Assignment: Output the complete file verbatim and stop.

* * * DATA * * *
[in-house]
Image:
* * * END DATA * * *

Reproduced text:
[in-house]
Image: